Author(s): Eva Menasse
Sparkling and panoramic novel of three generations of family life in Vienna and England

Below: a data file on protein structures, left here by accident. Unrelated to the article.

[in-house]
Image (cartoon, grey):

Vienna is an acclaimed saga covering three generations of a partly-Jewish Viennese family. Although it progresses from the female narrator's father's birth to the end of his life, there is constant movement backwards and forwards in time, while each chapter tends to concentrate on one particular family member or group. Grandfather married out, to the sandy-haired beauty Frieda, and his sister Gustl married nice-but-dim 'Dolly' Konigsberger, the non-Jewish bank manager beloved for his malapropisms. Aunt Gustl's only son Nandl is in trouble with the police yet again for fraud. In wartime the narrator's father settles in England - near Luton, in fact - with his foster parents Tom and Annie, and develops a talent for football. His brother, only just young enough to qualify for the Kindertransport on which they arrived, is interned on the Isle of Man but later joins the army and fights in Burma. Their sister, beautiful blonde Katzi, will go to Canada and die of TB aged 21. After 1945, the action returns to post-war Vienna. The footballing father will become an Austrian international - the uncle goes into the import/export business and does well until he wastes his talents. Character-led rather than plot-driven, Vienna is a panoramic and sparkling novel of family life in Austria and England. There are delightful vignettes of Vienna with its coffee-houses, bridge parties and tennis clubs; and vivid descriptions of wartime and post-war England. Vienna is arguably the most influential German novel since Das Parfum.